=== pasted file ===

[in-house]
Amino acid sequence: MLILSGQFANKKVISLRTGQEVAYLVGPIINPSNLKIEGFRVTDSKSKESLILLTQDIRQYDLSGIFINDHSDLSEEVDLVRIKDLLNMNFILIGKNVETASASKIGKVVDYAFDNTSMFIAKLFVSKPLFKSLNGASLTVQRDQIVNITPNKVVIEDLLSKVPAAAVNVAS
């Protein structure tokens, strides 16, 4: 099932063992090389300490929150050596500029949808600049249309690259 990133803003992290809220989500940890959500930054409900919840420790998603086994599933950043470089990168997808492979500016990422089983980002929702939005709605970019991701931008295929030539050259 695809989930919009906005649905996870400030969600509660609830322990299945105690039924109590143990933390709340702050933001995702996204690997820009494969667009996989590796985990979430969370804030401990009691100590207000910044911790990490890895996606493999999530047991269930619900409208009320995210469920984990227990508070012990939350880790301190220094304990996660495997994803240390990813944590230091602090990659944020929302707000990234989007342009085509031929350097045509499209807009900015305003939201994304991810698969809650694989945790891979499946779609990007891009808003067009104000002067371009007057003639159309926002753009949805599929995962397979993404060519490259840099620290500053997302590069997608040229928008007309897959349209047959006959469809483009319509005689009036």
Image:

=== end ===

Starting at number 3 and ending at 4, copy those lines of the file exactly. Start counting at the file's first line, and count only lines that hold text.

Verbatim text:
């Protein structure tokens, strides 16, 4: 099932063992090389300490929150050596500029949808600049249309690259 990133803003992290809220989500940890959500930054409900919840420790998603086994599933950043470089990168997808492979500016990422089983980002929702939005709605970019991701931008295929030539050259 695809989930919009906005649905996870400030969600509660609830322990299945105690039924109590143990933390709340702050933001995702996204690997820009494969667009996989590796985990979430969370804030401990009691100590207000910044911790990490890895996606493999999530047991269930619900409208009320995210469920984990227990508070012990939350880790301190220094304990996660495997994803240390990813944590230091602090990659944020929302707000990234989007342009085509031929350097045509499209807009900015305003939201994304991810698969809650694989945790891979499946779609990007891009808003067009104000002067371009007057003639159309926002753009949805599929995962397979993404060519490259840099620290500053997302590069997608040229928008007309897959349209047959006959469809483009319509005689009036």
Image: